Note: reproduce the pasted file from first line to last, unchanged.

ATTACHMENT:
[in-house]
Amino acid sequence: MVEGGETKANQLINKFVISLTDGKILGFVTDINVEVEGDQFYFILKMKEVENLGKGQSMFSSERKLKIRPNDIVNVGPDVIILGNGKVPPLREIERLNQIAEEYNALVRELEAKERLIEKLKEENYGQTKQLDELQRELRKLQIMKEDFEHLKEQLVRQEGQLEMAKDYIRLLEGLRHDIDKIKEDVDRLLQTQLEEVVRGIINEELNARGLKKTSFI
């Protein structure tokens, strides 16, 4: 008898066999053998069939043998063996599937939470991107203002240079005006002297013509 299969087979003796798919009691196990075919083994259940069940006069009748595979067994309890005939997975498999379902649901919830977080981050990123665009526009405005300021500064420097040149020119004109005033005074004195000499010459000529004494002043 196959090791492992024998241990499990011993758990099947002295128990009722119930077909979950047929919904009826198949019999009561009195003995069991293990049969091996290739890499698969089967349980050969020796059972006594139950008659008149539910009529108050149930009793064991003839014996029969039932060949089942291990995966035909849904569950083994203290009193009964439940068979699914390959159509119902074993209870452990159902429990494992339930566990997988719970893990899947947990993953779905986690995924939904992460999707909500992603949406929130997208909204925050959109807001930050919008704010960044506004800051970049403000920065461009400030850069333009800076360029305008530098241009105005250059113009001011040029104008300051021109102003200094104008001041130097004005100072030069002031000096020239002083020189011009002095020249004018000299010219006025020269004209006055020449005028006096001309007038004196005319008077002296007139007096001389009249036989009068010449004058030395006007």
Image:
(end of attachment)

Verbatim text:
[in-house]
Amino acid sequence: MVEGGETKANQLINKFVISLTDGKILGFVTDINVEVEGDQFYFILKMKEVENLGKGQSMFSSERKLKIRPNDIVNVGPDVIILGNGKVPPLREIERLNQIAEEYNALVRELEAKERLIEKLKEENYGQTKQLDELQRELRKLQIMKEDFEHLKEQLVRQEGQLEMAKDYIRLLEGLRHDIDKIKEDVDRLLQTQLEEVVRGIINEELNARGLKKTSFI
């Protein structure tokens, strides 16, 4: 008898066999053998069939043998063996599937939470991107203002240079005006002297013509 299969087979003796798919009691196990075919083994259940069940006069009748595979067994309890005939997975498999379902649901919830977080981050990123665009526009405005300021500064420097040149020119004109005033005074004195000499010459000529004494002043 196959090791492992024998241990499990011993758990099947002295128990009722119930077909979950047929919904009826198949019999009561009195003995069991293990049969091996290739890499698969089967349980050969020796059972006594139950008659008149539910009529108050149930009793064991003839014996029969039932060949089942291990995966035909849904569950083994203290009193009964439940068979699914390959159509119902074993209870452990159902429990494992339930566990997988719970893990899947947990993953779905986690995924939904992460999707909500992603949406929130997208909204925050959109807001930050919008704010960044506004800051970049403000920065461009400030850069333009800076360029305008530098241009105005250059113009001011040029104008300051021109102003200094104008001041130097004005100072030069002031000096020239002083020189011009002095020249004018000299010219006025020269004209006055020449005028006096001309007038004196005319008077002296007139007096001389009249036989009068010449004058030395006007």
Image: